March 26, 2009
For any non-trivial project: Software development should be considered a continuous learning process and a cooperative game of communication between professionals. Effective software development can be achieved through frequently repeating cycles of preparing, changing, observing, reflecting, and learning.
While the statement above is obvious to many, it is easy to miss the key points. For instance, you must make sure that you facilitate the learning process by implementing effective feedback mechanisms, do frequent iterations and be willing to re-plan the project continuously. You must also implement information radiators, enable osmotic communication, and get rid of things that hinders communication (yes, I am a fan of Alistair Cockburn). But first of all, you must assume that your developers are professionals that know what to do given a vision, trust and enough information. You should certainly not treat your developers as mere resources that need to be directed and told what to do and how to do it.
I am fortunate in that I work for a company that really gets it. I invite you to take a look at these slides. The key thing that this particular project do better than most is to do fast and automatic testing on all levels which gives developers confidence when making changes. Automatic feedback from all levels was a key success factor to get the first version out of the door, and now we have a workflow that will support further development for years. I think it make sense to describe what we do as advanced feedback-driven development – AFDD.
January 9, 2009
Last month I organized an internal 4-day workshop in Software Architecture at my company. Twelve lead developers representing several product groups and development sites attended. The instructor was Dana Bredemeyer himself.
The workshop was excellent, although quite different from what I expected. Bredemeyers workshop was all about techniques for translating your strategy into architecture. Little was said about how to translate architecture into implementation, but that was ok. I have to admit that so far in my career I have thought about software architecture as something that first of all is useful for the implementation of software. But now I realize that for a business relying on complex software, focus on architecture is indeed a key enabler for your business strategy.
All software implementations have an architecture. By studying the code base and a running system you might be able to both illustrate the architecture and explain the expected behavior of the system. For many, perhaps most, development efforts this is a sensible way of working – apply most of your energy on writing code and just take a brief look at the resulting architecture at regular intervals to see if it makes sense. Let the user requirements drive the implementation, and use your test scenarios to verify the product. Because you will never get exactly what you plan for, the resulting product will determine which business strategy you can use to make money and the architecture will restrict how to evolve your business. The products drive the business (see figure 1).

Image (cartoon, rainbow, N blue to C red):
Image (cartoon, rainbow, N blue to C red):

For a business with only a few products on the market this can be a very efficient way of making money. Your product might be successful and the business attracts money that can be invested in making the same product even more fancy to attract even more money. Adjust your business strategy according to the products that are available.
However, as the business grows and the product portfolio diversifies, you need to focus more on architecture. Why? Because you might want a mechanism to let a strategy run the business, not the products. The key is to focus more on architecture so that you can drive it with your business strategy, and let the architecture strongly influence the implementation so that you get products that support the strategy. It is then possible to let a strategy drive your business (see figure 2).
Beware, I am not trying to tell you that heavy focus on architecture is the only way to succeed. It is certainly possible for huge businesses to experience massive success with large and complex software systems without paying too much attention on the architecture. However, the key point is that if you want to control your business by defining strategies you need to focus on the architecture – otherwise not much will happen if you position yourself inside the strategy bubble and try to twist the knobs.